And then we have a simple app that’s based on katas, which are martial arts maneuvers that boys try to mimic using a touch screen on an iPad or on an iPhone, and that also engages him in the brand in another way.
The combination of the television and the digital marketing tools we know (in fact it’s already starting to happen) will get those boys in there and start the viral nature of a game like Kaijudo. It starts with a few and then expands and expands.
One of the things you‘ve done successfully with Magic is creating the connections between the paper game and the digital game. Is there anything you’re doing in that regard with Kaijudo?
Yes, the great thing about the digital-paper business is that they’re completely connected. Specifically with Kaijudo there are desirable codes that come with the paper product that boys will want to collect to enhance their online experience. Once they get more online experience, we know from our Magic results that we can send the kids back into the stores to play in-store events.
One thing I would emphasize to retailer on Kaijudo is that some retailers are almost waiting on the sidelines for Kaijudo to take off and then they plan to jump in and get in on the business. I would say it would be really unfortunate to take that strategy and then find out someone else in the community has created this great location and destination for Kaijudo. We have launched Kaijudo exclusively in hobby shops to give the hobby retailing industry a head start, an opportunity to establish with their fan base and young people in their local area this affiliation with the brand. I would emphasize to retailers to really get ahead of this and not wait to see what happens.
You started in the hobby and then put it into mass. Do you have a feel for how this is going to play out in terms of the roles of the two channels for this game (because it’s a significantly different target audience than Magic)?
We think it will be strong in both channels. Our experience with Magic: The Gathering tells us that the hobby stores will have vibrant communities where kids come to play, play in in-store events, have that in-store experience that our game can provide, and mass will still be strong because there will be a convenience element to picking up their Kaijudo cards while their parents are doing other types of shopping. For us, we see both channels as vital and we know that we can be successful and meet the needs of retailers in both channels.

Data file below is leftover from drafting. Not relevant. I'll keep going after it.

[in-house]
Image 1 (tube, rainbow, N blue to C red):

What about the target age? Kaijudo is younger which is historically considered more of a mass audience than a hobby audience.
That’s a good point. Historically you would think that you would associate younger kids with mass market retailers, but as mentioned earlier, as stores change and become more welcoming, more clean, more inviting to a wider variety of people, I think hobby shops will be very successful attracting younger people. We see them as we travel around the country –stores that have built up very strong audiences of young players and those stores also know they can tap into their older customers’ kids. The older customers who are loyal to hobby shops are looking for wholesome, intellectually stimulating, interesting ways for their kids to spend their leisure time. I think that’s where that need comes in: there aren’t’ enough of those opportunities in our industry and Kaijudo will fill that gap.